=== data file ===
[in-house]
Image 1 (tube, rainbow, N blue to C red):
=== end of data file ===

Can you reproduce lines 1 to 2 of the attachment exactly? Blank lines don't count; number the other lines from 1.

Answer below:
[in-house]
Image 1 (tube, rainbow, N blue to C red):